Nigel Farage has admitted if Ukip fails to perform well in the upcoming European elections then he would be ousted as leader of the party.
He also predicted that their parties could oust both David Cameron and Nick Clegg this summer if they led them to bad defeats in the polls.
In a characteristically colourful speech to the London School of Economics on Thursday evening, Farage said he had staked everything on this May's ballot, which Ukip are widely tipped to win.
"My future as leader of Ukip is pretty dependent on the results of these elections in the sense that I have now, for nearly three years, been very optimistically and bullishly talking up Ukip's prospects, saying that there was a chance we would win the European elections," he said. "Which was greeted with laughter as most things I say usually are."
He added: "Some see me as a bit of a gambler and they are right, in the sense I have taken the assets of the party and placed them on red. So red needs to come up.
"And if Ukip was to do poorly and Ukip was to trail back into third place then I think that would be curtains for me as leader," he said.
The party came second in the last European parliamentary elections in 2009. Farage is hoping to capitalise on anti-EU, anti-immigrant and anti-establishment sentiment to propel the party into the top spot this year.
But as Tom Mludzinski, from the market research company Ipsos MORI, notes a Ukip victory is far from certain. "Much will depend on the mood of voters at the time," he said. "And with the economy improving and public optimism increasing, the frustration of voters and unpopularity of the government that Ukip has so effectively harnessed may not be such a big factor."
Farage also boldly claimed that both Cameron and Clegg could face leadership challenges this year if the Conservatives and Lib Dems do badly in the polls.
"I've spoken to Tory MPs in the North of England who know unless something big changes they are gonners," he said.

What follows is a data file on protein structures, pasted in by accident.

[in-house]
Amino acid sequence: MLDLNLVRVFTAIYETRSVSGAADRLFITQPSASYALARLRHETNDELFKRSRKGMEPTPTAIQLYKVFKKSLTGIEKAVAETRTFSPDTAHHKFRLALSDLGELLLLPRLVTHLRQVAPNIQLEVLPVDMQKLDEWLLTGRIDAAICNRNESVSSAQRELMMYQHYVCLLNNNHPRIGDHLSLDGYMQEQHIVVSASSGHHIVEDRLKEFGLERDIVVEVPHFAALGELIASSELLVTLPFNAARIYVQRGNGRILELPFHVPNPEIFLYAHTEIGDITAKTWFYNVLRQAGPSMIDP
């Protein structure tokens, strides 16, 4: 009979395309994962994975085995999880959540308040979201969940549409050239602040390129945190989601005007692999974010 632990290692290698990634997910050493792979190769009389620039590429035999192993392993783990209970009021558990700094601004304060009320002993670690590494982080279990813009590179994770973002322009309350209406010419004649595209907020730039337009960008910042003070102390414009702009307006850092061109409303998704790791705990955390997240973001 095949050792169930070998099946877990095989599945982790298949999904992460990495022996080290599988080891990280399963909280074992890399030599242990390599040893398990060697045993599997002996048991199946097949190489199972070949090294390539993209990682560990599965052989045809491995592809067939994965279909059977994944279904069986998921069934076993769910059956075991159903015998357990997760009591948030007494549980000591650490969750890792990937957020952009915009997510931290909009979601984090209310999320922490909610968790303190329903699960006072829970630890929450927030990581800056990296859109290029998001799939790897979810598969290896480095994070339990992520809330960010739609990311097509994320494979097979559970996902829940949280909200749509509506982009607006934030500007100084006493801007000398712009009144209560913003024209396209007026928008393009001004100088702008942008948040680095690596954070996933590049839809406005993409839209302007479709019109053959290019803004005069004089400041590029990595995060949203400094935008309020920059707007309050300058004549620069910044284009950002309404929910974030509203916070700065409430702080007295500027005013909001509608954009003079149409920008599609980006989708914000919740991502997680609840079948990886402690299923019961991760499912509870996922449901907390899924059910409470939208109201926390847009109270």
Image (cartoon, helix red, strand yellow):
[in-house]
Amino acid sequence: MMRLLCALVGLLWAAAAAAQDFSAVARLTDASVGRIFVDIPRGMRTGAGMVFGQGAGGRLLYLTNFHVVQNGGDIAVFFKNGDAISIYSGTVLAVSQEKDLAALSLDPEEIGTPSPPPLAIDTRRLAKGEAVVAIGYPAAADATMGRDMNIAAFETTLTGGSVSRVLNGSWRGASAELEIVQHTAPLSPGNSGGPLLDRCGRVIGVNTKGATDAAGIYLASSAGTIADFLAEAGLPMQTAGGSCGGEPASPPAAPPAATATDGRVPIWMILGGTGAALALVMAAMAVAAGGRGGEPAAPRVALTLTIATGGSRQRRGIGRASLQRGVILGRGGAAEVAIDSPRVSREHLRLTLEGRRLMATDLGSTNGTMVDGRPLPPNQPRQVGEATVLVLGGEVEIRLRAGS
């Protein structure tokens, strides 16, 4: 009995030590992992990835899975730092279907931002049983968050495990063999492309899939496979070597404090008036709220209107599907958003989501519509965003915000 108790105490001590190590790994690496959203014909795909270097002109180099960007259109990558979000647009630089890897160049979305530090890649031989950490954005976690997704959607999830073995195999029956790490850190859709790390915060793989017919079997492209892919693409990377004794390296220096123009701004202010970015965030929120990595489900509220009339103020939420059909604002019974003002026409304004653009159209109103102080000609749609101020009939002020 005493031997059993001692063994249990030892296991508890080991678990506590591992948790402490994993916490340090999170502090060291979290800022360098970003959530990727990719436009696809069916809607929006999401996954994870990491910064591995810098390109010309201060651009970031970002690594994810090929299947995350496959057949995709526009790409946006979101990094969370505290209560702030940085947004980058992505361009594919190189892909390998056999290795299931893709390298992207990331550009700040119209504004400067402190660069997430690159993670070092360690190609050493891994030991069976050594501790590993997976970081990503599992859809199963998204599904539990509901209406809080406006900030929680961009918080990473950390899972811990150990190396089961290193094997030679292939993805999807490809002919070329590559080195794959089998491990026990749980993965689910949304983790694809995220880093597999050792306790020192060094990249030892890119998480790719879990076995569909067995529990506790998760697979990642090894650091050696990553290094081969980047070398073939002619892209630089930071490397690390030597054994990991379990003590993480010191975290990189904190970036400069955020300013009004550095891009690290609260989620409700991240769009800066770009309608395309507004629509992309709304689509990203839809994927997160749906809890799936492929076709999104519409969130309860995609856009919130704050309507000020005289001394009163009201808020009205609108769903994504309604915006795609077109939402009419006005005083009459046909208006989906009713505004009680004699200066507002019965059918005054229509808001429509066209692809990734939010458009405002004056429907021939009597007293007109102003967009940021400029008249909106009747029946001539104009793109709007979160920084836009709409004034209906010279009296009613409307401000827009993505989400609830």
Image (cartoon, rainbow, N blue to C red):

"I would suggest that these elections matter to Cameron because they will highlight the strategy laid out with his speech last January [where he pledged an in/out referendum] isn't working."
Farage added: "But it really matters to Cameron because if those people think their leader does not look like a potential winner then the prospect of 46 signatures being gathered on the backbenches over the course of the summer months are perhaps rather higher than most commentators are currently giving credit for."
For a leadership challenge to be launched against the prime minister 46 Tory MPs have to send a letter calling for a vote of no confidence in him to the chairman of the party's backbench 1922 committee.
Farage said: "If you really think you've got no chance of winning your seat then you're looking that a change of leader perhaps is necessary."
Clegg was seen to have exerted total control over his party at the last conference in September and despite the Lib Dem's dismal poll ratings his position is seen as pretty secure. However Farage said this would change the deputy prime minister led his colleagues to a disastrous result in May.
"Let's say the Lib Dems poll 8% of the vote. That will probably return then one MEP. They are currently on ten. They really are on a knife edge here," Farage said.
"There is a distinct possibility that the Lib Dems will get wiped out. And I think if that happens the Lib Dems will be looking for a new leader before the party conference season comes along."
However Farage did praise Clegg for making it clear that the Lib Dems were pro-EU. "Full credit to Clegg, he intends to fight the election on an open clear manifesto, and I do at least respect that."
Farage told the audience at the LSE that while he thought the elections were not as crucial for Ed Miliband, one effect of a Ukip victory would be to force Labour to commit to an in/out referendum were they to win the general election in 2015
The Ukip leader also predicted that Cameron, if he survived as party leader and managed to win a majority in 2015, would be able to scrap his pledge to hold a referendum on Britain's EU membership.
He said: "If he was to win a majority it would be quite difficult for him to weasel out of it this time. I think the Conservative Party in the House of Commons is now in such a rebellious state that he would not be able to backtrack."Suggest a correction